Instead, he vilifies gay people as people who are destroying marriage. Dobson talks about having a pro-life agenda, but never speaks out against the deaths of more than 2,700 American troops in Iraq, or against capital punishment, which is really a euphemism for state-sponsored murder.
The sad part is the sheeple donâ€™t see the hypocrisy and donâ€™t realize theyâ€™re being used. [links added]
In his book Marriage Under Fire,
James Dobson told the sheeple that if gay Americans were allowed to
enter into the state-sanctioned social contract called â€œmarriage,â€ the world would end:
â€œThe culture war will be over, and the world may soon become â€˜as
it was in the days of Noah.â€™â€
Dobson was not alone in using scare tactics
to herd the sheeple. Following the Massachusetts Supreme Courtâ€™s 2003
decision that â€œequalityâ€ meant â€œequalityâ€ for all citizens
in relation to all civil institutions, even the one called â€œmarriage,â€
Steve Crampton, Chief Counsel of the Center for Law and Policy, the
legal arm of Don Wildmonâ€™s American Family Association, bleated, â€œUnless the people of the State
of Massachusetts rise up with one voice in opposition to this lawless
and socially destructive behavior, it will destroy society as we know
it.â€ At last check, neither society nor Massachusetts has been destroyed.
Are these truthful, â€œmoralâ€ men?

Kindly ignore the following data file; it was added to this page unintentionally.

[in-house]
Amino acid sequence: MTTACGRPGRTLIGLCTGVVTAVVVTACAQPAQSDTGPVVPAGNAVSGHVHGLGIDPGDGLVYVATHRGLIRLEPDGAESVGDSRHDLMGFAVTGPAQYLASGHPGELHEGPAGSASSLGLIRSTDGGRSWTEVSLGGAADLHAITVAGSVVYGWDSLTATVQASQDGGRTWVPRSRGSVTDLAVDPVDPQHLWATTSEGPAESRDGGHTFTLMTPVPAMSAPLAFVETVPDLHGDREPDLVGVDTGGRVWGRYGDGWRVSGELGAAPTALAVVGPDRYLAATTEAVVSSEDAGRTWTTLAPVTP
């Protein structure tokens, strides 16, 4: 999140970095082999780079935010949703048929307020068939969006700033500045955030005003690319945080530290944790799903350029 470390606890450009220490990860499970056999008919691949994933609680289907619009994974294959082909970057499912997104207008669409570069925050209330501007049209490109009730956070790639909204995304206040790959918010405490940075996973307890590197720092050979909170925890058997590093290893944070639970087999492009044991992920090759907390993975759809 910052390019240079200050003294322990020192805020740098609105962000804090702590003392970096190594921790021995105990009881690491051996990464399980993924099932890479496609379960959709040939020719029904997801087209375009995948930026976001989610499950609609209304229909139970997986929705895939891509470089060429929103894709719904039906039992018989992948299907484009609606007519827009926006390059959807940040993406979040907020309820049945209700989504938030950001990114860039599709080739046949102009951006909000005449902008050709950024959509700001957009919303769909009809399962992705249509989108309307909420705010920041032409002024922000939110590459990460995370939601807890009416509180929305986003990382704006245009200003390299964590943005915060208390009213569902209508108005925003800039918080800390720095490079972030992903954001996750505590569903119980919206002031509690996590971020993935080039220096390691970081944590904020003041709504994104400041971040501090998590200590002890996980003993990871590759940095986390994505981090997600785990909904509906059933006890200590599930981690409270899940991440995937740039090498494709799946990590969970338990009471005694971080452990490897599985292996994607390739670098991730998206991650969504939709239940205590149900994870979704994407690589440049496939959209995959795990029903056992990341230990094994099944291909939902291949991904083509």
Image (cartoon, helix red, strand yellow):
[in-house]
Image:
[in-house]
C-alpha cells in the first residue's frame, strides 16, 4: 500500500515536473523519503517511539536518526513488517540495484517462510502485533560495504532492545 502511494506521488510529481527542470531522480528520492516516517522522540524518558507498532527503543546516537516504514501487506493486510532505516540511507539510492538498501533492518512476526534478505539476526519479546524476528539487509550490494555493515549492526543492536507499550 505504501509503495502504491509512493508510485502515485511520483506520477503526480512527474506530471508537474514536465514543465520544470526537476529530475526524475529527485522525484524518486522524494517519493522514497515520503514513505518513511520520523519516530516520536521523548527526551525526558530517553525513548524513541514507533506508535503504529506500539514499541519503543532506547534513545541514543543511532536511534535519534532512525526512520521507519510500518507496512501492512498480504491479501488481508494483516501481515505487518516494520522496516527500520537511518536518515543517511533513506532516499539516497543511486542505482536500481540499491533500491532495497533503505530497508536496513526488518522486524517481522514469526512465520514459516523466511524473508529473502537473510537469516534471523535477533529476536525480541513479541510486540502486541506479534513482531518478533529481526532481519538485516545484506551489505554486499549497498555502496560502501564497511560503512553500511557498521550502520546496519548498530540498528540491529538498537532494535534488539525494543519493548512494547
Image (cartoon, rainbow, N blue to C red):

Are these men with the best interests of all Americans in mind? Or are
these â€œshepherdsâ€ really demagogues using religion and sheeple for
their own self-interests and to build their own political power?
Itâ€™s quite clear in the Christian metaphors
used: â€œshepherdsâ€ and â€œflocks.â€ Shepherds herd and â€œtend toâ€
their flocks not because itâ€™s in the best interest of the sheep, but
because they intend to use and profit from them when the sheep are sold
Dobson, Crampton and Wildmon are not
alone in this practice. The founder and chairman of the Traditional
Values Coalition, Louis P. Sheldon, also defines â€œhypocriteâ€ and
is a distinctly immoral sheeple-herder. While vociferously campaigning
against internet gambling, rabidly homophobic â€œLucky Louieâ€ and the TVC were accepting â€œcontributionsâ€
from Republican lobbyist Jack Abramoff and his internet gambling promoters.
These days America is filled with egocentric,
self-proclaimed spokesmen for â€œGodâ€ who also have a dark political
agenda based on their theo-political dogma. Jim Weidmann is vice
chairman of the National Day of Prayer Task Force. Their latest campaign
is â€œPray for Election Dayâ€:
â€œIn a Christian nation, we have the biblical responsibility as well as the patriotic responsibility to cast our vote for those who govern us,â€ he said. â€œWe want people to spend time praying that those who are elected will align themselves with Godâ€™s laws. We also want them to get out and vote so the Christian understanding is captured in the vote.â€ [italics added]
â€œA Christian nationâ€: should all
the Jews, Muslims, Buddhists, Hindus, Sikhs, animists, agnostics and
atheists just leave?
â€œAlign themselves with Godâ€™s lawâ€:
does that include all the draconian Levitical laws as well as those
â€œThe Christian understandingâ€: does
that include St. Paulâ€™s edict to â€œsuffer not a woman to teach, nor
to usurp authority over the man, but to be in silence.â€
Or, like Dobson, Crampton, Wildmon and
Sheldon, are Mr. Weidmann and the National Day of Prayer Task Force
advocating only their version of â€œGodâ€™s lawâ€ and â€œChristian
Letâ€™s hope that election day 2006 reaffirms that the light of the Enlightenment has not gone out and that the sheeple are waking up and starting to think for themselves instead of blindly obeying their herders.